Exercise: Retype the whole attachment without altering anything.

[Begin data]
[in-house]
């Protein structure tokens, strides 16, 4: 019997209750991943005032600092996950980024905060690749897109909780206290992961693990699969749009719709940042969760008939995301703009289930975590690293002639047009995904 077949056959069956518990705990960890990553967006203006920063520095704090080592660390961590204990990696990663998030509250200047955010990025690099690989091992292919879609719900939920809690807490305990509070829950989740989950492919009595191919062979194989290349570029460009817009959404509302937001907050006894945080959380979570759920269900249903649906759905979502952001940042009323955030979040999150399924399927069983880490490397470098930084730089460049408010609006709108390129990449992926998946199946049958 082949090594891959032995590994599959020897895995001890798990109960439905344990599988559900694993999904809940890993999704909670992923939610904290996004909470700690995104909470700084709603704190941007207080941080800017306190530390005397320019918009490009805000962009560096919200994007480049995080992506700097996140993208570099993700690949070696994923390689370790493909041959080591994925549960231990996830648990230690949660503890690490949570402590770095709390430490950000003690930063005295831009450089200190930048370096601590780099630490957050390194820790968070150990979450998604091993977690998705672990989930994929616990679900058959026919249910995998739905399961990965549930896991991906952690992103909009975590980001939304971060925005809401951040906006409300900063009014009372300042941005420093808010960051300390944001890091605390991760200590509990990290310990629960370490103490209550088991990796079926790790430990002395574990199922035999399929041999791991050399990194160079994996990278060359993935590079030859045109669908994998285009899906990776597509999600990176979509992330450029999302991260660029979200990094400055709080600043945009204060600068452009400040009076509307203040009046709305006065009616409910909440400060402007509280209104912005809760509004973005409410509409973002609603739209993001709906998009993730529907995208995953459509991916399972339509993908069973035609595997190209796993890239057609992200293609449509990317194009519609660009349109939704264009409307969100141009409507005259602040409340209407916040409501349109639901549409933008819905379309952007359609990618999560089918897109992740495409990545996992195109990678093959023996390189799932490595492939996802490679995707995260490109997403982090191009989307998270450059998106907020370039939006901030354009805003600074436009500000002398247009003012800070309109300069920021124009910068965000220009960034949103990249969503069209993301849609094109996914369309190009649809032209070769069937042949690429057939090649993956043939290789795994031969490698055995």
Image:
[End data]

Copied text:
[in-house]
């Protein structure tokens, strides 16, 4: 019997209750991943005032600092996950980024905060690749897109909780206290992961693990699969749009719709940042969760008939995301703009289930975590690293002639047009995904 077949056959069956518990705990960890990553967006203006920063520095704090080592660390961590204990990696990663998030509250200047955010990025690099690989091992292919879609719900939920809690807490305990509070829950989740989950492919009595191919062979194989290349570029460009817009959404509302937001907050006894945080959380979570759920269900249903649906759905979502952001940042009323955030979040999150399924399927069983880490490397470098930084730089460049408010609006709108390129990449992926998946199946049958 082949090594891959032995590994599959020897895995001890798990109960439905344990599988559900694993999904809940890993999704909670992923939610904290996004909470700690995104909470700084709603704190941007207080941080800017306190530390005397320019918009490009805000962009560096919200994007480049995080992506700097996140993208570099993700690949070696994923390689370790493909041959080591994925549960231990996830648990230690949660503890690490949570402590770095709390430490950000003690930063005295831009450089200190930048370096601590780099630490957050390194820790968070150990979450998604091993977690998705672990989930994929616990679900058959026919249910995998739905399961990965549930896991991906952690992103909009975590980001939304971060925005809401951040906006409300900063009014009372300042941005420093808010960051300390944001890091605390991760200590509990990290310990629960370490103490209550088991990796079926790790430990002395574990199922035999399929041999791991050399990194160079994996990278060359993935590079030859045109669908994998285009899906990776597509999600990176979509992330450029999302991260660029979200990094400055709080600043945009204060600068452009400040009076509307203040009046709305006065009616409910909440400060402007509280209104912005809760509004973005409410509409973002609603739209993001709906998009993730529907995208995953459509991916399972339509993908069973035609595997190209796993890239057609992200293609449509990317194009519609660009349109939704264009409307969100141009409507005259602040409340209407916040409501349109639901549409933008819905379309952007359609990618999560089918897109992740495409990545996992195109990678093959023996390189799932490595492939996802490679995707995260490109997403982090191009989307998270450059998106907020370039939006901030354009805003600074436009500000002398247009003012800070309109300069920021124009910068965000220009960034949103990249969503069209993301849609094109996914369309190009649809032209070769069937042949690429057939090649993956043939290789795994031969490698055995």
Image: